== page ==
Business travel data reveals emergence of ‘Golden Pentangle’26 September 2023
The renowned ‘Golden Triangle’ could soon transition into the ‘Golden Pentangle’ with two Australian cities seeing a growth in domestic business travel bookings and spend. Melbourne, Sydney and Brisbane have long held the travel trifecta for business travel in Australia, but new booking and spend data suggests Adelaide and Perth will soon catch up.
The news comes after Corporate Traveller (corporatetraveller.com.au), the flagship SME division of the Flight Centre Travel Group, shared its latest set of domestic business travel data, comparing booking and spend figures between June-December 2022 and January-July 2023.
Over the past year, incoming domestic travellers to Perth grew by 14 per cent and by 11 per cent for travellers arriving in Adelaide. Comparatively, domestic travellers arriving in Brisbane grew by only six per cent, followed by seven per cent for Sydney and eight per cent for Melbourne.
Tom Walley, Corporate Traveller’s Australian-based Global Managing Director, says, “It’s an exciting time for these Australian cities, and if they continue to grow their presence in the business space it will be great news for the nation as a whole. To have five cities across the country that serve as thriving business hubs will not only grow our GDP, but the impact on small businesses and communities across Australia will be exponential.”
Perth and Adelaide have the land and the resources that are bringing in many business travellers from the construction and energy industries, but there is another surprising reason that is contributing to the cities’ growth in business arrivals, as Tom explains.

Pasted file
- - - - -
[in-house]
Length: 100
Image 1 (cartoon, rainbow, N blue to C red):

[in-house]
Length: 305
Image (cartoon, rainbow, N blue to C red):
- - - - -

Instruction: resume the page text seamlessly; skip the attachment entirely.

“Both State governments have made an impressive commitment to hosting business events and conferences, drawing thousands of business travellers to the regions for networking, learning and development opportunities.
“For example, Western Australia will host AgriFutures Australia’s AGConference in 2024, which will bring more than 1,000 delegates across the agricultural industry to Perth in February. Likewise, South Australia hosted the World Indigenous Peoples’ Conference on Education in September last year, which ran across five days and brought an estimated 2,300 delegates to the Adelaide Convention Centre.
“It’s not just business events that are drawing domestic travellers to these cities. The WA Government struck a deal for Perth to exclusively host Coldplay during their visit to Australia, which will see 60,000 fans flock to Optus Stadium, and I wouldn’t be surprised if there are a fare few business trips to Perth in November.”
Investment in events like these have also incurred a faster growing business travel spend to both cities, with Perth and Adelaide topping the table for growth in incoming travel spend between June-December 2022 and January-July 2023. In this period, business travel spends grew by eight per cent for Perth and seven per cent for Adelaide.
Tom says, “Business travel bookings and spend to Adelaide and Perth are growing in tandem, as you would expect. Perth is well-placed geographically to be a genuine business hub with its ability to connect directly with London and elsewhere and Adelaide has been the sleeping giant for a while. This is becoming a particular favourite for SMEs that want to turn their travel into a bleisure trip by tacking on a visit to the world-famous Barossa, for example.”